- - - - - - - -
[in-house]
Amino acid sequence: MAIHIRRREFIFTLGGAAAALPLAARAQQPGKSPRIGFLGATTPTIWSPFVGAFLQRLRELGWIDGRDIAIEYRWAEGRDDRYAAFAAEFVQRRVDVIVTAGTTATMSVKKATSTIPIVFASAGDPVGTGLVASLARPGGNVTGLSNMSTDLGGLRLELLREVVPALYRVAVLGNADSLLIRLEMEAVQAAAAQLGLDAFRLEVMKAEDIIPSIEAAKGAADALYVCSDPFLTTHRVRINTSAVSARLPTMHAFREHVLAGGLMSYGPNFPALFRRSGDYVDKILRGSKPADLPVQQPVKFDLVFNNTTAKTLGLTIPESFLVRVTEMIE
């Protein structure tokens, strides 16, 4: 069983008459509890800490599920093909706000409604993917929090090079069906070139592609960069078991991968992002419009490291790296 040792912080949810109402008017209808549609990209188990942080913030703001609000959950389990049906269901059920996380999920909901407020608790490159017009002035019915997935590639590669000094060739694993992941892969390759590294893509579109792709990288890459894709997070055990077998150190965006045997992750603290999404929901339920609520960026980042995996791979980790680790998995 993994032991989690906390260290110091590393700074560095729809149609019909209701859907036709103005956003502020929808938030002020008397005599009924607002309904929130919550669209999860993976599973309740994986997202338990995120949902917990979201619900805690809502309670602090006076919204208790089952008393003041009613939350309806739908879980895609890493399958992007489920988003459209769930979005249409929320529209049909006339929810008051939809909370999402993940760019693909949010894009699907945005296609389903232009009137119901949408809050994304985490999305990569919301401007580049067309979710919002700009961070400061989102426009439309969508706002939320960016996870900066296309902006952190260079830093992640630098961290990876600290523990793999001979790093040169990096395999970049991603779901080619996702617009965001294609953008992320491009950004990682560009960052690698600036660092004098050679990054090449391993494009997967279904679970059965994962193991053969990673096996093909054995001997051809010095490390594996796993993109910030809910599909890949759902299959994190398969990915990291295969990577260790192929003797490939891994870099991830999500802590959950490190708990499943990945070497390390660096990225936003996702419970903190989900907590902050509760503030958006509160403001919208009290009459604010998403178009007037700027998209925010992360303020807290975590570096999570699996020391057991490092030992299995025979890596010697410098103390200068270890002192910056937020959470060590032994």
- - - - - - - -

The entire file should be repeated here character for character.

[in-house]
Amino acid sequence: MAIHIRRREFIFTLGGAAAALPLAARAQQPGKSPRIGFLGATTPTIWSPFVGAFLQRLRELGWIDGRDIAIEYRWAEGRDDRYAAFAAEFVQRRVDVIVTAGTTATMSVKKATSTIPIVFASAGDPVGTGLVASLARPGGNVTGLSNMSTDLGGLRLELLREVVPALYRVAVLGNADSLLIRLEMEAVQAAAAQLGLDAFRLEVMKAEDIIPSIEAAKGAADALYVCSDPFLTTHRVRINTSAVSARLPTMHAFREHVLAGGLMSYGPNFPALFRRSGDYVDKILRGSKPADLPVQQPVKFDLVFNNTTAKTLGLTIPESFLVRVTEMIE
């Protein structure tokens, strides 16, 4: 069983008459509890800490599920093909706000409604993917929090090079069906070139592609960069078991991968992002419009490291790296 040792912080949810109402008017209808549609990209188990942080913030703001609000959950389990049906269901059920996380999920909901407020608790490159017009002035019915997935590639590669000094060739694993992941892969390759590294893509579109792709990288890459894709997070055990077998150190965006045997992750603290999404929901339920609520960026980042995996791979980790680790998995 993994032991989690906390260290110091590393700074560095729809149609019909209701859907036709103005956003502020929808938030002020008397005599009924607002309904929130919550669209999860993976599973309740994986997202338990995120949902917990979201619900805690809502309670602090006076919204208790089952008393003041009613939350309806739908879980895609890493399958992007489920988003459209769930979005249409929320529209049909006339929810008051939809909370999402993940760019693909949010894009699907945005296609389903232009009137119901949408809050994304985490999305990569919301401007580049067309979710919002700009961070400061989102426009439309969508706002939320960016996870900066296309902006952190260079830093992640630098961290990876600290523990793999001979790093040169990096395999970049991603779901080619996702617009965001294609953008992320491009950004990682560009960052690698600036660092004098050679990054090449391993494009997967279904679970059965994962193991053969990673096996093909054995001997051809010095490390594996796993993109910030809910599909890949759902299959994190398969990915990291295969990577260790192929003797490939891994870099991830999500802590959950490190708990499943990945070497390390660096990225936003996702419970903190989900907590902050509760503030958006509160403001919208009290009459604010998403178009007037700027998209925010992360303020807290975590570096999570699996020391057991490092030992299995025979890596010697410098103390200068270890002192910056937020959470060590032994």